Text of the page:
Evangelicalism — a modern Christian heresy

Oct 20, 2017 by

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As Gnosticism was a Christian movement that was refuted as heresy, evangelicalism is a Christian movement with ideas that go far afield from Jesus, the Gospels and Christian orthodoxy.

I have come to this conclusion after several years. From my earliest job out of college doing audio-visuals about Christian service for young people, I was thrust into contacts and tasks with evangelicals.

Of course, interacting with Mennonite congregations and conferences for more than 25 years brought me in working relationships with many evangelicals, who also happened to be Mennonite. One of my high school Bible teachers was trained in an evangelical Bible college (as are most evangelical pastors). He brought his training to our classroom at a time when I did not know evangelical distinctions.

Being the Mennonite representative on the board of a local Campus Life/Youth for Christ Teen Center and then its interim director took me to exciting large rallies in several cities, and it taught me about their approach to becoming Christian and to what good Christians should believe.

Here is what I learned mainstream evangelicals believe:

True faith must be acquired and expressed in certain prescribed ways and phrases, such as “born again.” That alone would not make it a heresy. But I question the insistence that a person cannot be saved unless he says being born again is his experience.

The Bible is equally inspired throughout without error. Unfortunately, this position keeps them from a personal questioning engagement and wrestling with Scripture. It keeps rigorous study and scrutiny from being their academic experience, as in many seminaries. Evangelicals mainly see their role as defenders of Scripture.

My first awareness that all Scripture is not viewed as equally inspired, as evangelicals believe, came upon hearing a debate between the head of the National Association of Evangelicals and a Mennonite scholar who was a university president, Myron Augsburger. A group of us from the Penn State InterVarsity Christian Fellowship traveled to a nearby college for the debate. Augsburger espoused a high view of the Gospels through whose lens all other Scripture is to be viewed, namely and especially through the teachings and ministry of Jesus.

I’ve noted in the years since then that wherever this high view is held with any diligence and vigor, it works itself into congregational worship and teaching. My early days in youth ministry brought this to the fore. A staff colleague reported no one ever preached from the Gospels in her evangelical church. If a guest did, he was viewed as a liberal and not to be trusted. In addition, there was a board member, a Southern Baptist pastor, who held a common, very rigid prescribed statement of evangelical faith. He excluded every kind of Christian, from mainline to Pentecostals, as being of the devil, except his own.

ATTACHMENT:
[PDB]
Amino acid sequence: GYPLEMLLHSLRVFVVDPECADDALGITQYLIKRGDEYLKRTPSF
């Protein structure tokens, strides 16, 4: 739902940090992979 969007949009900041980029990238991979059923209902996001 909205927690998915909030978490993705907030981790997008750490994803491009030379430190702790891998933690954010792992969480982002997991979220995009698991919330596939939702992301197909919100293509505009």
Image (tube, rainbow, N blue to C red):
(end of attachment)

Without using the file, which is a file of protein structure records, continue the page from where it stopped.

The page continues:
“Faithfully following Jesus in life” are not words or encouragement you will hear in evangelical circles. The portion of Scripture evangelicals raise above others are the epistles, with the Apostle Paul being their chief revealer of Christian religion.

The clincher to place evangelicals in the heresy category among certain other Christian groups, past or present, is their belief that some individuals are beyond God’s creative workmanship, especially LGBTQ people, and who cannot be church members.

This leads to a false doctrine of God, who God is, God’s will, God’s realm and God’s work in the world. You will note that the evangelical’s position begins not with an extensive study of God, but a narrow study of certain words or situations in Scripture, such as homosexuality. No centering on God and Jesus’ teachings and whom Jesus calls, accepts, serves or ministers to.

Evangelicals have not trained themselves to search Scripture and the Word that became flesh in a fully rigorous, questioning manner in order to know and follow God.

Moral compromises are evangelicals’ main way of working in the world. Evangelicals in my lifetime have focused on electing Republicans, appointing conservative judges, and cultural/sexual/women’s issues. Very little of what their pastors preach and teach presents anything that Jesus proclaimed.

God as mystery and God’s role in bringing people to God’s self are topics unexplored by evangelicals. I remember an evangelical colleague literally weeping as he spoke about millions going to hell unless evangelicals invited them to be born again.

All the while I think of the dozens or hundreds that I know in mainline congregations who have never invited Jesus into their hearts, and never were born again. But, like the early disciples, they were invited to give the hungry food, to prepare meals for someone who lost a loved one, to help heal or provide shelter for the homeless, or welcomed an outcast or refugee into their community.

In time of crisis or just during a faithful time of quietude, they have responded, faithfully following Jesus, making themselves and their worship space a welcoming space for everyone from young mothers, fathers and children, people of many orientations and lifestyles, to the elderly and infirm.

As I look into the face of an older woman who has brought a huge pot of her homemade pasta to a homeless shelter, now diligently praying the rosary, fingers moving rapidly, silently, I think, yes, her faith is saving her. It’s as strong and certain for her salvation as any signed evangelical confession of being born again.

Jesse Glick of Middletown, Conn., is a member of First Congregational Church United Church of Christ in Portland, and maintains his membership at College Mennonite Church in Goshen, Ind.


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